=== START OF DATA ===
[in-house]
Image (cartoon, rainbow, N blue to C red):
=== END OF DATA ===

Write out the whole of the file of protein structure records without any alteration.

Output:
[in-house]
Image (cartoon, rainbow, N blue to C red):